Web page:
Hercules and the Captive Women (1961) - Rotten Tomatoes

Hercules and the Captive Women1961

Hercules and the Captive Women (1961)





Critic Consensus: No consensus yet.

Hercules and the Captive Women Photos

Movie Info

Hercules (Reg Park) and King Androcles (Ettore Manni) are on an ocean expedition when Androcles is washed overboard during a storm near a mysterious island. Making landfall, Hercules finds that the island is the kingdom of Atlantis, ruled by a beautiful, cruel, and ambitious queen, Antinea (Fay Spain), who controls a mysterious source of power. She has transformed her personal guard into super-strong warriors -- each nearly a match for Hercules, put Androcles under her spell, and inflicted terrible wounds on her people, all in preparation for her plan to conquer the world. Hercules finds that her power stems from a source older than the gods on Olympus, one over which he has virtually no power. He must save his friend, release Antinea's people, and prevent her from carrying out her plans.

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Reg Park
as Hercules
Fay Spain
as Queen Antinea of Atlantis
Ettore Manni
as Androcles
Ivo Garrani
as King of Megalia
Enrico Maria Salerno
as King of Megara
Maurizio Caffarelli
as Proteus the Monster
Gian Maria Volonté
as King of Sparta
Nicola Sperli
as Dyanaris
Mino Doro
as Oraclo
Alessandro Sperli
as King with Mother
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Critic Reviews for Hercules and the Captive Women

All Critics (3)

Offers minimal thrills.

April 16, 2021 | Rating: 2/4 | Full Review…

Goofy enough to be enjoyed on its own merits, but the "MST3k" version is pure gold.

July 15, 2004 | Rating: 2/5

Audience Reviews for Hercules and the Captive Women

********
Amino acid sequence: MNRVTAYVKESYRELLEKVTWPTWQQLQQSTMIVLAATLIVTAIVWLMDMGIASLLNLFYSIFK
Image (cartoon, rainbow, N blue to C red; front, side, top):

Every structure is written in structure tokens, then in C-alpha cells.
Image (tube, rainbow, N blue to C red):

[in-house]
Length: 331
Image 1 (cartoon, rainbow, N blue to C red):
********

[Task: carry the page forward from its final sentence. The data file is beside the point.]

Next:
Watching some of the old MST3K episodes available for streaming on Hulu and Netflix (there is a different random selection on each platform). Whether it is Joel or Mike watching these awful movies with the bots I do not envy their torture. Their snarky comments add some entertainment value, but my ratings are based on the movie's quality itself and not the commentary broadcast from the satellite of love. The first of four times Reg Park played Hercules in the continued Italian fantasy adventure franchise. Another evil queen and Herc suffering from a sleeping potion. Dull and lacking excitement throughout.

Byron Brubaker
Byron Brubaker

Super Reviewer

Campiness aside, The Captive Women was an OK entry in the series, though if they could skip half of the dialogue it might have been a better film.

Sylvester Kuo
Sylvester Kuo

Super Reviewer


From the Mill Creek Warriors 50 Movie Collection. Brave and mighty Hercules (a fine and affable performance by the brawny Reg Park) and his eager, but naive buddy Androcles (the solid Ettore Manni) journey across the ocean to the fabled city of Atlantis in order to stop evil Queen Antinea (nicely played with lip-smacking wicked aplomb by the ravishing Fay Spain) from taking over the world with her army of clone soldiers. Director Vittorio Cottafavi, who also co-wrote the eventful and imaginative script with Sandro Continenza, relates the story at a constant steady pace, maintains a serious tone throughout, and stages the exciting action scenes with rip-roaring gusto (the customary rough'n'ready swordfights are especially thrilling). Better still, this film was obviously made with a pretty substantial budget; there's a breathtaking sense of lavish spectacle to the sets and costumes which in turn makes this picture a truly sumptuous visual feast. Carlo Carlini's glorious widescreen cinematography, shot in bright eye-popping color, makes deft use of a frequently moving camera and offers a wealth of striking shots. The suitably sweeping and majestic score by Gino Marinuzzi, Jr. and Armando Trovajoli likewise hits the rousing spot. The earnest and appealing acting from a sound cast rates as another significant asset: Park portrays Hercules with winning good humor and admirable sincerity, Laura Efrikian makes for an extremely fair damsel in distress as Antinea's sweet fetching daughter Ismene, and Salvatore Furnari almost steals the whole show with his delightfully hearty turn as excitable dwarf Timoteo. The fiery mondo destructo conclusion totally rocks; ditto Hercules' battle with a lethal sorcerer who transforms into a hideous humanoid lizard beast. An immensely fun fantasy romp. 3 1/2 Stars 5-23-13

Bruce Bruce
Bruce Bruce

Super Reviewer

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